The Addict and Solace are produced by the same engineers and share a number of design features. Both feature a tapered head tube that uses a 1 1/8-inch bearing at the top and a 1 1/4-inch bearing at the bottom of the head tube. That’s a bit smaller than some companies are using, but if there’s one thing I’ve experienced on several bikes this year that I didn’t like, it was too much front end stiffness due to an exceedingly oversized fork steerer and head tube.
Both the Addict and the Solace featured oversize bottom brackets. Scott even claims that the BB for the Addict is the widest of any bike on the market currently. I’m not going to get into that claim, but what I can say is that the difference in stiffness between an oversized carbon fiber BB and a more traditional BB in a steel frame is as hard to miss as a power outage.
The other feature that the two frames share is Scott’s IMP design, which removes material from the head tube as well as the final layer of carbon weave to produce a lighter frame that loses no strength or stiffness relative to previous generations of Addict and Solace. It’s a strategy most companies are pursuing to one degree or another.
While these two bikes share some design features, they are meant to do vastly different things and as a result are more different than they are alike. The Addict is a classic road frame. Nimble and light, it’s perfect for threading through small holes in the group and for carving lines through corners with the precision of a draftsman. The Solace uses Scott’s HMF carbon, which can be found in many of its carbon models. We don’t really know what goes into the HMF carbon, but that’s hardly surprising. There’s not a company out there that is being fully transparent about just what material is being used. The Addict steps up a level to Scott’s proprietary HMX carbon, which increases stiffness in key areas by 20 percent, I’m told.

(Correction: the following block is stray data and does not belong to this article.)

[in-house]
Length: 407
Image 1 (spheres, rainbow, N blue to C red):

Where the Addict has been designed to offer race-specific stiffness, the Solace has been designed for comfort. Scott’s SDS (Shock Damping System) places material in the rear triangle to mute vibration that would otherwise head for the rider’s hind quarters. Similarly, the Solace has been designed for maximum vertical compliance, and one notable feature in that quest is the company’s decision to use a direct-mount brake beneath the chainstays. With no caliper brake mounted to a brake bridge, the brake bridge was eliminated, giving the seatstays a greater length over which to flex and increasing their flexibility by removing material meant to support the presence of the brake bridge.
The Solace also benefits from what Scott calls Bi-Zone Construction. The upper half of the frame—that is, the seat tube, top tube and seatstays—is called the comfort zone and is built to allow for deflection and vibration damping, while the power zone—the head tube, down tube, bottom bracket and chainstays—are engineered for great torsional stiffness and unyielding power transfer.